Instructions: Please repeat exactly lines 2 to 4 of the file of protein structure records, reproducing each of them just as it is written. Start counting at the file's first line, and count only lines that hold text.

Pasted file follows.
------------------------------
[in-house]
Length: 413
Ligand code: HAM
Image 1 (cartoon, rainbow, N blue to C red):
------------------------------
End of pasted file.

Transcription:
Length: 413
Ligand code: HAM
Image 1 (cartoon, rainbow, N blue to C red):